Fear none of those things which you shall suffer.@Revelation 2:10
portrait
Jacob Fabricius
(1593–1654)

At­trib­ut­ed var­i­ous­ly to King Gus­tav­us Adolph­us of Swe­den, Ja­cob Fa­bri­ci­us (1593–1654) and Jo­hann M. Al­ten­burg (1584–1640) (Ver­zage nicht du Häuf­lein klein). Trans­lat­ed from Ger­man to Eng­lish by Ca­the­rine Wink­worth, Ly­ra Ger­ma­ni­ca, 1855.

Ra­ve­ndale Wal­ter Stokes, 1876 (🔊 pdf nwc).

portrait
Gustavus Adolphus
(1594–1632)

The his­tor­ian tells us that be­fore the bat­tle of Lutz­en, dur­ing the Thir­ty Years’ War (1618–1648), King Gus­tav­us of Swe­den, in the thick fog of an au­tumn morn­ing, with the Bo­hem­i­an and Aus­tri­an arm­ies of Em­per­or Fer­din­and in front of him, knelt before his troops, and his whole ar­my knelt with him in pray­er. Then ten thou­sand voic­es and the whole con­cert of reg­i­ment­al bands burst forth in this brave song…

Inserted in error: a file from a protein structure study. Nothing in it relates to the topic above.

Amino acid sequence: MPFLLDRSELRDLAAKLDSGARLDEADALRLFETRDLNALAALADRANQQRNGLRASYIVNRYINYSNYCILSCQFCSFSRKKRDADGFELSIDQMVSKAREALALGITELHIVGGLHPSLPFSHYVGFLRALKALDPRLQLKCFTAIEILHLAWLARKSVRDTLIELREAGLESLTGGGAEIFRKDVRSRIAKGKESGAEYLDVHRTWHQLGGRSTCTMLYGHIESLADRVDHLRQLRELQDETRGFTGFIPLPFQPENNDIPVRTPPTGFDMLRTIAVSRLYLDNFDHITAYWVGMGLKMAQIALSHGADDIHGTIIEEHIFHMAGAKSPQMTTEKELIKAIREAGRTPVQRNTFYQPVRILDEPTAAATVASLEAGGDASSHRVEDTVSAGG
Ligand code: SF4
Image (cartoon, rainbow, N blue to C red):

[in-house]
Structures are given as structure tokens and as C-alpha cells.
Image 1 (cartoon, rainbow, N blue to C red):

The ar­my of Gus­tav­us moved for­ward to vic­tory as the fog lift­ed; but at the mo­ment of tri­umph a rid­er­less horse came gal­lop­ing back to the camp. It was the horse of the mar­tyred king.

Brown, p. 82

Fear not, O little flock, the foe
Who madly seeks your overthrow;
Dread not his rage and power;
What though your courage sometimes faints,
His seeming triumph o’er God’s saints
Lasts but a little hour.

Be of good cheer; your cause belongs
To Him who can avenge your wrongs;
Leave it to Him our Lord.
Though hidden yet from all our eyes,
He sees the Gideon who shall rise;
To save us, and His word.

As true as God’s own word is true,
Not earth nor hell with all their crew
Against us shall prevail.
A jest and by-word are they grown;
God is with us, we are His own,
Our victory cannot fail.

Amen, Lord Jesus, grant our prayer!
Great Captain, now Thine arm make bare;
Fight for us once again.
So shall thy saints and martyrs raise
A mighty chorus to Thy praise,
World without end.